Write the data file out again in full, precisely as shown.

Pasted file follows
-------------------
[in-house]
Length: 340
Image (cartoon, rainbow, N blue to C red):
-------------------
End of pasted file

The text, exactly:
[in-house]
Length: 340
Image (cartoon, rainbow, N blue to C red):